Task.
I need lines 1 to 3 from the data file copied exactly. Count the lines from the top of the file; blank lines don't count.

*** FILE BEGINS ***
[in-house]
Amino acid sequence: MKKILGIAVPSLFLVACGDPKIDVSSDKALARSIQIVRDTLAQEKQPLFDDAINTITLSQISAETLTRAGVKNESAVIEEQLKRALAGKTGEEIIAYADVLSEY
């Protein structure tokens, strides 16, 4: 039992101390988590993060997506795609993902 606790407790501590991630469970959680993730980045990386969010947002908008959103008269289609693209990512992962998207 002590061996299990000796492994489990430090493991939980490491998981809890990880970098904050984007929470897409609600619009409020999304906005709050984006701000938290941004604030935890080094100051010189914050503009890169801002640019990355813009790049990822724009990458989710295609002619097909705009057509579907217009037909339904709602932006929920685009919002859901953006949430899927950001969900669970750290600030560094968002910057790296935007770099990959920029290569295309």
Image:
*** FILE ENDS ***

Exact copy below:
[in-house]
Amino acid sequence: MKKILGIAVPSLFLVACGDPKIDVSSDKALARSIQIVRDTLAQEKQPLFDDAINTITLSQISAETLTRAGVKNESAVIEEQLKRALAGKTGEEIIAYADVLSEY
């Protein structure tokens, strides 16, 4: 039992101390988590993060997506795609993902 606790407790501590991630469970959680993730980045990386969010947002908008959103008269289609693209990512992962998207 002590061996299990000796492994489990430090493991939980490491998981809890990880970098904050984007929470897409609600619009409020999304906005709050984006701000938290941004604030935890080094100051010189914050503009890169801002640019990355813009790049990822724009990458989710295609002619097909705009057509579907217009037909339904709602932006929920685009919002859901953006949430899927950001969900669970750290600030560094968002910057790296935007770099990959920029290569295309």